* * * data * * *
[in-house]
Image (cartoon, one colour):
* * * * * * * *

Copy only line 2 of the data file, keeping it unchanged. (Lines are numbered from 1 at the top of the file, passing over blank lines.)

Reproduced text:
Image (cartoon, one colour):